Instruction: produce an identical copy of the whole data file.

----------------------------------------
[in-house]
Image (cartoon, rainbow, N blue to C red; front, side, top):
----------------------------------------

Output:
[in-house]
Image (cartoon, rainbow, N blue to C red; front, side, top):